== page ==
The U.S. Drug Enforcement Administration on Monday made it easier for patients to access the only federally approved drug derived from marijuana.
GW Pharmaceuticals manufactures Epidiolex, a pharmaceutical intended to treat some very rare forms of childhood epilepsy. Epidiolex is a purified form of cannabidiol, or CBD, extracted from the marijuana plant.
On Monday, the DEA notified GW Pharmaceuticals that it no longer considers Epidiolex a controlled substance under the federal Controlled Substance Act. The change is effective immediately. The move means that Epidiolex is still a prescription medication but that doctors who prescribe it do not have to be in the DEA’s drug-monitoring program.
“This decision is a lightening bolt of sanity,” said Martin A. Lee, director of California-based Project CBD and author of Smoke Signals: A Social History of Marijuana. “De-scheduling the drug will allow it to be prescribed off label.”
Epidiolex is an expensive drug. A year’s treatment can run up to $32,500 a patient without insurance. It remains the only CBD drug approved by the FDA.
It’s unclear whether the DEA’s ruling will affect the legality and regulation of other CBD products.
Though non-pharmaceutical CBD has become ubiquitous as a dietary supplement, it remains in an ambiguous legal limbo. “If you put CBD in a product that has not been vetted by the FDA, that product still may not be legal,” Lee said.
Epidiolex until Monday had been categorized as a Schedule V drug, on par with cough suppressants that contain modest amounts of codeine and might be subject to abuse.
Until 2018, the federal government had categorized all CBD as a Schedule 1 drug, without any legitimate medical use.
“This ruling doesn’t have a seismic impact. It really only impacts GW Pharma,” said William Roark, co-chair of the Pennsylvania Bar Association’s Medical Marijuana and Hemp Law Committee. “It makes their product more accessible for patients. It means doctors don’t have to go through the drug-monitoring program to make certain their patients don’t have a drug history. And a parent will now be able to go from pharmacy to pharmacy rather than having one specific source.”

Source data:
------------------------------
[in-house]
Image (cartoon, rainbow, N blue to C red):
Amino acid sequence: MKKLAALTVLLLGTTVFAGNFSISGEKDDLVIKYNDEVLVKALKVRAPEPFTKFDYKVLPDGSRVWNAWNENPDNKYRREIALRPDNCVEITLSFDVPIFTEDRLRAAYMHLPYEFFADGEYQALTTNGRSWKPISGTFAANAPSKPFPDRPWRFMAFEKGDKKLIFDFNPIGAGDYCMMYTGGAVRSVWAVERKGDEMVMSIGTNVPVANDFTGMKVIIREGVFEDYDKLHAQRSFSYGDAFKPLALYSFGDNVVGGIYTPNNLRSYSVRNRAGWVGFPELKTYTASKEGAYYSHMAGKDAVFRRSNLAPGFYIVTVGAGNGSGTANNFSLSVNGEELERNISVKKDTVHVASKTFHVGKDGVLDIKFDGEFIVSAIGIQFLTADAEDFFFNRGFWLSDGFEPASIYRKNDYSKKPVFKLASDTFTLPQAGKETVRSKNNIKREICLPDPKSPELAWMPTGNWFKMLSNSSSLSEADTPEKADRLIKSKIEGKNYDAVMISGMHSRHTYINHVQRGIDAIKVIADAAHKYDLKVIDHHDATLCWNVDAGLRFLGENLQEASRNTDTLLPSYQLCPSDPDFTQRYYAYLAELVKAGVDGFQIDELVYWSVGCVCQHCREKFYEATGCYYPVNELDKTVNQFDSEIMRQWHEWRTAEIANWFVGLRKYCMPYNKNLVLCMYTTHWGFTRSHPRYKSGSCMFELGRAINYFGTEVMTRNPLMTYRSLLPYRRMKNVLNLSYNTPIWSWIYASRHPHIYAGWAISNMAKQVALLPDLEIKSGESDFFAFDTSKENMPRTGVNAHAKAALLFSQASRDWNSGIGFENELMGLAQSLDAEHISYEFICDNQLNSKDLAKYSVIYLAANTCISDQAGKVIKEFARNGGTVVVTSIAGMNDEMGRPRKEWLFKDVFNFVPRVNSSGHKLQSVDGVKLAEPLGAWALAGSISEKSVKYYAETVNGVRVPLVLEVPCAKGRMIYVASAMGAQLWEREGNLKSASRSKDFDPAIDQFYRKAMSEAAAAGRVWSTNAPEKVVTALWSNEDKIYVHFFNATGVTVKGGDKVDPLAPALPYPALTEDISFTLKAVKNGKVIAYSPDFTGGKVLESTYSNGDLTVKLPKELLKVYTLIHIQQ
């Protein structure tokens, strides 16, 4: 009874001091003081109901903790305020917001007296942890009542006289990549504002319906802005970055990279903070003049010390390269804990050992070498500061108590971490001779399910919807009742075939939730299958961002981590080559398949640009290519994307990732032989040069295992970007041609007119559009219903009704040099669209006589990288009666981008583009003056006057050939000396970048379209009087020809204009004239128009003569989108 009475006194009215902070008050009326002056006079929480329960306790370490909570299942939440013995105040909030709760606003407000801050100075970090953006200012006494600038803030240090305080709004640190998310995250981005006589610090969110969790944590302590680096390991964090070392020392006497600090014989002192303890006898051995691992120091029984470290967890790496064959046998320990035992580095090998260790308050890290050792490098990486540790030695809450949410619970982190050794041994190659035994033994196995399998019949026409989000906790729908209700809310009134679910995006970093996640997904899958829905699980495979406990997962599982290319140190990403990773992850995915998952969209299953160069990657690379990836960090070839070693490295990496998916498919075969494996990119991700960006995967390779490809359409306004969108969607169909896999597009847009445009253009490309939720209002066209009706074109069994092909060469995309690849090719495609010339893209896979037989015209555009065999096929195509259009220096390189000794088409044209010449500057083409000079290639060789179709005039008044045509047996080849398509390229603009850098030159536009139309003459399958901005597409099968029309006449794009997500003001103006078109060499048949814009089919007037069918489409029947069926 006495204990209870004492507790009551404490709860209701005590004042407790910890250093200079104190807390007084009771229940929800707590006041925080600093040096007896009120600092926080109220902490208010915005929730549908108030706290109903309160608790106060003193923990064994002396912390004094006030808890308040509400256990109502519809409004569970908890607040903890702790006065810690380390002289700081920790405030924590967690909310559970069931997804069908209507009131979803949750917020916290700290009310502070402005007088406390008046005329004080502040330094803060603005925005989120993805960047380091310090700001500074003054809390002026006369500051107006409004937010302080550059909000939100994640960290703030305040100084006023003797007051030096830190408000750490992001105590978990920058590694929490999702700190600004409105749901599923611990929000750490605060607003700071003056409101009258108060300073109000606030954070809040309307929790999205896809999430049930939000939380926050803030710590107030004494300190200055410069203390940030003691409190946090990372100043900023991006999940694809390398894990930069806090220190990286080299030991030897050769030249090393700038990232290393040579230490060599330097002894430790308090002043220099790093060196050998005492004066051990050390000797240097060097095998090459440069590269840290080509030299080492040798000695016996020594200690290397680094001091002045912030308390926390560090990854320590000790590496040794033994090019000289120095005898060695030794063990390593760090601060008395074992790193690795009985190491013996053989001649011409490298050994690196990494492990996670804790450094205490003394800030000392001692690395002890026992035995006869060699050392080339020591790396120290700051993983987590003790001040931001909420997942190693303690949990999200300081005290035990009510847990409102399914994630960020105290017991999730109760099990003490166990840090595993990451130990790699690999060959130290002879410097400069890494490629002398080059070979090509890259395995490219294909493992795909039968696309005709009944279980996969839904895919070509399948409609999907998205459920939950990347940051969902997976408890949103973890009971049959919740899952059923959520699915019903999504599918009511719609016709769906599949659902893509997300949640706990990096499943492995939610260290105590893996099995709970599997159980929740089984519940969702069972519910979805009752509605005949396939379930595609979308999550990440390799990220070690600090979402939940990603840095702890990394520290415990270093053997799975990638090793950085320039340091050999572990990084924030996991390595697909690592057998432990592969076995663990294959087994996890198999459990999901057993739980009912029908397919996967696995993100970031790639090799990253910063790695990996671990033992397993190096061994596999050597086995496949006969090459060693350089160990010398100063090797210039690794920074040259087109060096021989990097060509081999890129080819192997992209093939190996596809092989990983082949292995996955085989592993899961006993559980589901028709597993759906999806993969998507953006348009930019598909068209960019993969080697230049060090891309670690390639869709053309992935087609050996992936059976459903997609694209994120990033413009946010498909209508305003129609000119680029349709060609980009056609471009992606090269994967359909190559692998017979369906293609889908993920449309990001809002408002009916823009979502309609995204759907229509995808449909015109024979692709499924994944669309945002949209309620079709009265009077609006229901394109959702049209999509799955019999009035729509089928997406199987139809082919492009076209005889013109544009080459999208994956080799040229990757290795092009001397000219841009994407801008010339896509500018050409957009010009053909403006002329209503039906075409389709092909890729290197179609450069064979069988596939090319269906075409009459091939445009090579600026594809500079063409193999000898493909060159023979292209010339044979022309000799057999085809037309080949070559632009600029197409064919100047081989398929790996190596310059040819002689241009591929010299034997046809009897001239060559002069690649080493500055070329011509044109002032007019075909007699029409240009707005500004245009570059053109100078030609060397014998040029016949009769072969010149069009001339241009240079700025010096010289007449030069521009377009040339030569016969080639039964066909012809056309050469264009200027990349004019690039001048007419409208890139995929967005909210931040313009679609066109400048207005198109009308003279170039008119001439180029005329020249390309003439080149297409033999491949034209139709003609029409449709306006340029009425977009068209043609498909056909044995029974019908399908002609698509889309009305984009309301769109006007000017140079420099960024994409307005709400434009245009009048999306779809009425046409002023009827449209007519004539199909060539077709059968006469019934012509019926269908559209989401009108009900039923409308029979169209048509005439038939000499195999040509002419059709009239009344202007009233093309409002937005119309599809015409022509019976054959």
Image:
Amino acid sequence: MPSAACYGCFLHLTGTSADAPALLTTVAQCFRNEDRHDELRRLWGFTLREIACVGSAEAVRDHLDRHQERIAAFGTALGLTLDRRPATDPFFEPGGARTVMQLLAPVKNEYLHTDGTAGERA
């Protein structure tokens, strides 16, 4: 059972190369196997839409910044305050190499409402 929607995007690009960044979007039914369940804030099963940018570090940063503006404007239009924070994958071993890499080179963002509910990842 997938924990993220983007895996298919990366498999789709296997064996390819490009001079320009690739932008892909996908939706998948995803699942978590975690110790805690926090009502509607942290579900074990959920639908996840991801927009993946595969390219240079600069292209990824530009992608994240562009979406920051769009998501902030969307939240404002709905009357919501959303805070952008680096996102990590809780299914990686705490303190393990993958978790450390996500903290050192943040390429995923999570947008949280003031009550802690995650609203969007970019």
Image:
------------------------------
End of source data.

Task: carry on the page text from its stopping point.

Cannabidiol, which comprises 98% percent of Epidiolex, is not considered an intoxicant. Unlike its cannabis cousin THC, it won’t get anyone “high.”
The 2018 Farm Bill passed by Congress removed legal restrictions on CBD only if it was derived from hemp plants. A cannabis plant is considered hemp if it contains less than 0.3% THC.
Marijuana is any hemp plant with more than 0.3% THC. In the eyes of the federal government, marijuana remains illegal, although 33 states have permitted its use for either medical or recreational purposes. Pennsylvania, New Jersey, and Delaware have thriving medical marijuana programs.
Epidiolex is prescribed for pediatric patients suffering from Lennox-Gastaut Syndrome and Dravet syndrome, two of the most debilitating forms of epilepsy. It was launched after the FDA approved it in 2018. The drug is manufactured in the United Kingdom.
GW Pharmaceuticals is seeking to extend the applications for the drug to include seizures associated with tuberous sclerosis complex. The company says it has additional drugs in the pipeline to treat spasticity associated with multiple sclerosis and spinal cord injury. GW Pharma has another marijuana-derived candidate undergoing trials for autism and schizophrenia.
The DEA’s de-scheduling of the CBD drug eventually may allow competitors to come in with a lower price point.
“I think it’s a positive move for what it portends for CBD products in general but it’s not clear what the political implications are,” said Lee of Project CBD. "You’d think it would liberate CBD from the confines of a pharmaceutical framework because there isn’t a major difference pharmacologically between Epidiolex and the other products circulating in the unregulated market.
“The big caveat is we don’t know what else is in the unregulated products,” Lee said.
GW Pharma stock (NASDAQ: GWPH) closed up about 6% Monday, at $86.58 a share.